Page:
MGMT's career-making hit "Time to Pretend" pulled off an awfully cute trick. In it, the Connecticut-sired, Brooklyn zip-coded duo of Ben Goldwasser and Andrew VanWyngarden reverse-jinxed themselves into pop success, presenting their hedonistic rock-star daydreams as silly and unreasonable, in the midst of a streamlined electro jam so catchy that it was more or less assured to take off. There were other big moments on the pair's 2008 major-label debut, Oracular Spectacular, taller and sleeker than the strumming, wonky Anglophilia they outpaced, but that one felt truly effortless. A perceived lack of effort, and youth-begetting profile description as "recent-[insert East Coast university]-graduates," really get the indefatigable hater community psyched for backlash season. (As descriptors go, that combination of youth and ease is a little too close to a textbook definition of "talent," perhaps?) Anyhow, the MGMT boys, flush with material gain, new admirers all the way up the icon pyramid to "Beatles," and the freedom to do nearly anything, chose not to retrace that runaway path to victory.
"There definitely isn't a 'Time to Pretend' or a 'Kids' on the album. We've been talking about ways to make sure people hear the album as an album in order and not just figure out what are the best three tracks, download those and not listen to the rest of it," Goldwasser told NME earlier this year; an easy thing to say when you've failed to write an obvious breakout single or three. But he's right. Congratulations, MGMT's second full-length, is absent the ingratiating energy of the aforementioned songs, as well as the Prince-via-Beck soul pastiche of others like "Electric Feel." What's left is that strumming, wonky Anglophilia that no one listened to the first time, apparently. As it turns out, they are actually pretty good at that stuff.
In comparison to the shark-like hits on Oracular Spectacular, Congratulations' lead single, "Flash Delirium," is a shaggy bastard. It resembles listless Britpop for a bit, before flashes of insane swagger start intruding, culminating in a huge, blown-out, glam-rock call and response. The band's bank of pop moves is doled out sporadically, a stingy slot machine to the perpetual hook ATMs of yore. But by the time its thrash-punk coda flames out, the digressions are earned. Elsewhere, more linear, slow-burn psych ballads, like "Someone's Missing" or the hazy lighter-lifter "I Found a Whistle," seem structurally backloaded to avoid immediacy until rescued by time-released swoons.
Talking to Black Book, Goldwasser expressed alienation from the local underground. "If the fabled Brooklyn music scene does exist, we're definitely not part of it. Most of those bands are never going to be discovered by anyone because they're too insular and weird. Although there are very cool things happening in those makeshift clubs in Bushwick, they have nothing to do with us." A relatively short stint in obscurity might explain stunted camaraderie, but the album's prevailing sounds reveal songwriters too busy living through old UK vinyl to soak up contemporary influence. The tracklist overtly namechecks two record nerd saints—troubled indie-pop progenitor Dan Treacy from The Television Personalities, and cerebral deity Brian Eno. The mirrored homage might itself be a nod to David Bowie, who took time on Hunky Dory to tip-cap towards Dylan and Warhol. Neither song directly apes its namesake's style. "Brian Eno" is more of a knotty, ADD Supergrass song, and lyrically acknowledges an unbreachable gap from here to Eno. "A Song for Dan Treacy" attempts one of those nifty Kinks songs following some poor striver careening about the mid-level of the British social strata. Instead of rich character study, or even Treacy's smart-ass twee reportage, there's a barreling looseness that recalls the momentary promise of a different dead-ender, the Libertines' Pete Doherty. Davies' Kinks are more successfully worshipped (at length) during the 12-minute flow of "Siberian Breaks." It sounds like an oddly motivated DJ cross-fading between album cut melodies, but avoiding any radio favorites or even fleeting off-brand hooks. The song is less jarring than multi-song suites by Of Montreal or the Fiery Furnaces, but also less revelatory. Pinpointing vague familiarity in changing melodies demands more attention than the lyrics, but the embedded mantra, "I want to die before I get sold," amuses, if only because that demise would require a time machine back to 2004.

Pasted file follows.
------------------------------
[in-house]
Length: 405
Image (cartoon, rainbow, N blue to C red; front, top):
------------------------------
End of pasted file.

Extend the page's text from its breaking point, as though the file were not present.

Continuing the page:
Congratulations' tuneful title track ends the record with another note of tongue-in-cheek prognostication. This time, MGMT imagine themselves holed up in an L.A. mansion, giving lip service to "half-assed guilt," and just marinating in filtered praise from phony well-wishers. Whether album-based, hero-soaked eccentricity without obvious blog and car-commercial bait will move enough units to get them there is a real question for a major label act. It is an odd and overwhelmingly melodic little record, though, with admirable aims usually achieved. And man, if they pulled that trick off too, it'd really piss off all the right people.